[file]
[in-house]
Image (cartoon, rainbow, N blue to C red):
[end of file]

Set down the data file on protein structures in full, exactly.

[in-house]
Image (cartoon, rainbow, N blue to C red):